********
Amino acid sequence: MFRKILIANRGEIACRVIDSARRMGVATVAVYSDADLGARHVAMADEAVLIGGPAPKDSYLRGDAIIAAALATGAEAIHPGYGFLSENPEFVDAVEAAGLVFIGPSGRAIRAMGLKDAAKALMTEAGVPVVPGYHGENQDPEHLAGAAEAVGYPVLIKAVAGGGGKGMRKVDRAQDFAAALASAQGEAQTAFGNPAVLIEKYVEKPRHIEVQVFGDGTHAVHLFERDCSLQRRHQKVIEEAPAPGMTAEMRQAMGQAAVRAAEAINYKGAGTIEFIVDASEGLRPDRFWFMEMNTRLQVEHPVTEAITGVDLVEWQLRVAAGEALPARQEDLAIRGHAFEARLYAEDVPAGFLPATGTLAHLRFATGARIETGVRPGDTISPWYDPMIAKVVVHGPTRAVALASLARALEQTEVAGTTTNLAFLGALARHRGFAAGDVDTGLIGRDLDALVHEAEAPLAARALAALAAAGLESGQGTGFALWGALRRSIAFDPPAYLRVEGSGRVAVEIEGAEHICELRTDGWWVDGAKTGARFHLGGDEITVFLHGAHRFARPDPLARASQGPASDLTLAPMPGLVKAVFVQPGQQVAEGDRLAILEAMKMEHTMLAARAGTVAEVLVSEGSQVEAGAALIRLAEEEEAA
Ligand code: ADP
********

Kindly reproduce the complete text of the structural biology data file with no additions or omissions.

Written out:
Amino acid sequence: MFRKILIANRGEIACRVIDSARRMGVATVAVYSDADLGARHVAMADEAVLIGGPAPKDSYLRGDAIIAAALATGAEAIHPGYGFLSENPEFVDAVEAAGLVFIGPSGRAIRAMGLKDAAKALMTEAGVPVVPGYHGENQDPEHLAGAAEAVGYPVLIKAVAGGGGKGMRKVDRAQDFAAALASAQGEAQTAFGNPAVLIEKYVEKPRHIEVQVFGDGTHAVHLFERDCSLQRRHQKVIEEAPAPGMTAEMRQAMGQAAVRAAEAINYKGAGTIEFIVDASEGLRPDRFWFMEMNTRLQVEHPVTEAITGVDLVEWQLRVAAGEALPARQEDLAIRGHAFEARLYAEDVPAGFLPATGTLAHLRFATGARIETGVRPGDTISPWYDPMIAKVVVHGPTRAVALASLARALEQTEVAGTTTNLAFLGALARHRGFAAGDVDTGLIGRDLDALVHEAEAPLAARALAALAAAGLESGQGTGFALWGALRRSIAFDPPAYLRVEGSGRVAVEIEGAEHICELRTDGWWVDGAKTGARFHLGGDEITVFLHGAHRFARPDPLARASQGPASDLTLAPMPGLVKAVFVQPGQQVAEGDRLAILEAMKMEHTMLAARAGTVAEVLVSEGSQVEAGAALIRLAEEEEAA
Ligand code: ADP